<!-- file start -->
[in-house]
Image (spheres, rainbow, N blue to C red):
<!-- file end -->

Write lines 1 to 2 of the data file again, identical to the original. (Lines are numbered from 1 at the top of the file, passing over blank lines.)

[in-house]
Image (spheres, rainbow, N blue to C red):